Woodhaven and Cross Bay Boulevards was originally laid out as South Meadow Road in 1668. It originated at the intersection of present-day Queens Boulevard and Grand Avenue, and went as far south as Jamaica Bay. Around the 1850s, South Meadow Road was renamed Trotting Course Lane, after the number of trotting courses and horse racetracks found in Woodhaven, halfway along the road's route. Part of the original Trotting Course Lane still exists near Metropolitan Avenue. In 1889, the road was renamed Flushing Avenue. By the time Queens became part of New York City in 1896, Flushing Avenue had been renamed yet again because the name was shared by another road a few miles away. The road was now named Woodhaven Avenue, after the neighboring community. Shortly afterward, Woodhaven Avenue was straightened in the vicinity of Metropolitan Avenue, resulting in the present-day Trotting Course Lane.
Cross Bay Boulevard dates from Patrick Flynn's 1899 proposal to build a road across Jamaica Bay. The crossing, which would be 80 feet (24 m) wide, would contain a double-track trolley line, a bicycle path, and roadway. Flynn's project aimed at connecting the Jamaica Bay islands, filling in the marshes and leasing properties for homes along the route. The Long Island Rail Road, whose Rockaway Beach Branch trestles were the only transportation connection across the bay at the time, vigorously opposed Flynn's plans in an effort to protect its monopoly. In June 1902, the New York Court of Appeals invalidated the 1892 lease that Flynn's project was based on. The only work that had been performed was a flattening of a plateau south from Liberty Avenue to a point 1,500 feet (460 m) from the bay's northern shore.:49
In the late 1910s, plans surfaced again to build Cross Bay Boulevard between Woodhaven and the Rockaways. Advocates stated that the construction of the boulevard would result in development in the Rockaways. In September 1918, the New York City Board of Estimate approved plans for Cross Bay Boulevard. A $2.9 million bid for the boulevard's construction was received in October 1921. Work involved the paving of Cross Bay Boulevard with concrete and asphalt; widening the thruway from 50 feet to 100 ft (30 m); and connecting the Rockaway, Broad Channel, and mainland portions as part of what was described as "the largest vehicular trestle in the world". The project encountered difficulties, including the presence of oyster beds in the boulevard's path, which had to be removed before construction could proceed. Referred to as Jamaica Bay Boulevard, the southern portion between Broad Channel and Rockaway Beach opened in October 1924, and the entire route up to the existing intersection of Woodhaven Avenue and Liberty Avenue opened a year later in 1925. The new boulevard used much of Flynn's original right-of-way, but the causeway across Jamaica Bay connected to mainland Queens east of the location of Flynn's plateau.:50 In conjunction with this extension, Woodhaven Avenue was widened to 150 feet (46 m) and renamed Woodhaven Boulevard.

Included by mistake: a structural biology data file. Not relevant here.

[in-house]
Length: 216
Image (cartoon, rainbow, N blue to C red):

Woodhaven Boulevard's northern end at Queens Boulevard was formerly known as Slattery Plaza, where the two major thruways originally intersected with Eliot Avenue and Horace Harding Boulevard. The intersection, along with the Woodhaven Boulevard subway station, were named after Colonel John R. Slattery, former Transportation Board chief engineer who died in 1932 while supervising the construction of the Independent Subway System's Eighth Avenue Line. The construction of the Long Island Expressway along the Horace Harding corridor caused Slattery Plaza to be demolished.
A 1941 proposal would have created an expressway on the route of Cross Bay and Woodhaven Boulevards, connecting Queens Boulevard to The Rockaways.
Once heavily German and Irish, the area is now very ethnically diverse. The headquarters of the St. Patrick's Day Parade Committee is located on Woodhaven Boulevard (see also Irish Americans in New York City).